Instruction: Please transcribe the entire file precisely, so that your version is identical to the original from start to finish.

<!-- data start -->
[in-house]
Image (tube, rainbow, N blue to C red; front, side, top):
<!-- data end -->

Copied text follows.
[in-house]
Image (tube, rainbow, N blue to C red; front, side, top):